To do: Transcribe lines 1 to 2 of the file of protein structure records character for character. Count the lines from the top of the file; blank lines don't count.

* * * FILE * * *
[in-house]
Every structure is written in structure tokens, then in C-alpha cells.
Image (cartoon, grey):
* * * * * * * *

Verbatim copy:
[in-house]
Every structure is written in structure tokens, then in C-alpha cells.